Bruzharag quickly found succor with the tribes of the highlands. More than any society in Oerik, these Uli clans freely and proudly intermingled with ogre-kind. It was no surprise then that the infamous Misbegotten was readily adopted by these hardy folk and blended in for the first time. Understandably, Draske was furious over his nephew’s flight so he sent many bands out to find Bruzharag, capture him, and bring him back to Ulakand. Despite their best efforts the rocky Ulsprues proved inhospitable to the plains riding hunters and Bruzharag was deemed beyond reach, thereafter it was assumed he would fade into the wilds never to be seen again. Living among a more reclusive and rustic community gave Bruzharag a new insight on his homeland, one that he never saw in his years of slavery, confined to pits and fighting arenas. The chaotic half-ogre did not hide for long in the highlands, instead he now applied his prowess at arms and used his natural leadership to rouse his ogrish and Uli kinfolk into an unpredictable spate of banditry throughout central Ull.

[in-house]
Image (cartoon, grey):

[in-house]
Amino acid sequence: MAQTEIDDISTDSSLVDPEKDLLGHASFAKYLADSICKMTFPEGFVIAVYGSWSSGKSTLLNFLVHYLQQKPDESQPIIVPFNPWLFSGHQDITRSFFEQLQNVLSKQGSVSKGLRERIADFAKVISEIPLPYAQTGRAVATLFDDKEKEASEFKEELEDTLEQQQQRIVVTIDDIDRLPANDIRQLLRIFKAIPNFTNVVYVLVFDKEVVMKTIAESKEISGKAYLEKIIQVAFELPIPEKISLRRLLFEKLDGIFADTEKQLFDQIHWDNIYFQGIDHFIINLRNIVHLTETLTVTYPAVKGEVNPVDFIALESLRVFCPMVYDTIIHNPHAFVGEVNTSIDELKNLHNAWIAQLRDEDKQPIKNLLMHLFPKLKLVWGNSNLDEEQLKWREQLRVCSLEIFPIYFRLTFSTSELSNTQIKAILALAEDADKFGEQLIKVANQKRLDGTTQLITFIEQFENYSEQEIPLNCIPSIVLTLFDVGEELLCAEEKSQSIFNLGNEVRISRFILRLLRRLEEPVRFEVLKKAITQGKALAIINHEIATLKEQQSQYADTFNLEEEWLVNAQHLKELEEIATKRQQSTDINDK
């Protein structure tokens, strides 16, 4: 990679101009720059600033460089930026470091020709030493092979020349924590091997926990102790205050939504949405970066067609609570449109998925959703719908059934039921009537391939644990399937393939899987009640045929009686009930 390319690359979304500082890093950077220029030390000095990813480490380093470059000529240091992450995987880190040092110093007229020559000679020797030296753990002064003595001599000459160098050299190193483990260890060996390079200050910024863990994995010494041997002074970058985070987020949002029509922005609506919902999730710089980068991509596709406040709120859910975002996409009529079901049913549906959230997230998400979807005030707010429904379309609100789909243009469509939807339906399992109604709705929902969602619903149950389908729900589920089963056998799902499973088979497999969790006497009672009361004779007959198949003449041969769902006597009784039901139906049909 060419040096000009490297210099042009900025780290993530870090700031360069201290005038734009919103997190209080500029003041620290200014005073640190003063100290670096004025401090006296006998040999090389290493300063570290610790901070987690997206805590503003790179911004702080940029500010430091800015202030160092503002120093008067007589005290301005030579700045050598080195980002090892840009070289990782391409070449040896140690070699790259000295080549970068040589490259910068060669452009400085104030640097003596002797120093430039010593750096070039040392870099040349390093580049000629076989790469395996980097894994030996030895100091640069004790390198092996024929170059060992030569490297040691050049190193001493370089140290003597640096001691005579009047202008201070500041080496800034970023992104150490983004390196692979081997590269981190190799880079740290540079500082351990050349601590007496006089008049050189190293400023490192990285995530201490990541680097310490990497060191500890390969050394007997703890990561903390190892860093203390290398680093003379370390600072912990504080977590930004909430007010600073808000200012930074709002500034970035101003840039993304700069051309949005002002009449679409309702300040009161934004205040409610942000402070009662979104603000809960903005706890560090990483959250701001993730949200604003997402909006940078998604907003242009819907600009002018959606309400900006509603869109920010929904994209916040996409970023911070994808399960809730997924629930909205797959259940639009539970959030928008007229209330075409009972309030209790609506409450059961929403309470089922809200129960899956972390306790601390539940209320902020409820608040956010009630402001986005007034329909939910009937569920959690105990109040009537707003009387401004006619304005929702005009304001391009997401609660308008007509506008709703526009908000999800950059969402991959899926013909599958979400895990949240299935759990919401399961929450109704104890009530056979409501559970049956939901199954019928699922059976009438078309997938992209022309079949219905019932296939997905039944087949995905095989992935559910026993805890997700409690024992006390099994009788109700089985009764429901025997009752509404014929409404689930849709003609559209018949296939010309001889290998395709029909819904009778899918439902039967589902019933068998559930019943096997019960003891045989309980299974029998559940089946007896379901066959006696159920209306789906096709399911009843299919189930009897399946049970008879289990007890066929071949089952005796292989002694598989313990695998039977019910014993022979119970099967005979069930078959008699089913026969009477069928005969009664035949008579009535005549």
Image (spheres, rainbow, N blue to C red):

The main caravan trails leading from the north through Ull to Kester were severely disrupted by the highland bandits, who were stronger than any other Uli faction and were ably led by the now ill-reputed Misbegotten. Those khans and sheiks that once adored Bruzharag now condemned him and even wily Draske was hard pressed to put down the growing civil unrest between lowland and highland tribes. Yet by now Draske was aging and lacked the resolve to quell the banditry. He safely stayed far away in his hall at Ulakand, leaving the khanate council to deal with his out of control nephew. Bruzharag’s successes turned to opportunity as several nomadic clans began to sense an impending shift in power and decided to side with Bruzharag’s camp against the town-dwelling Uli. Now, with ambition and a deep seeded desire for vengeance, Bruzharag went from bandit leader to rival warlord in the span of a year.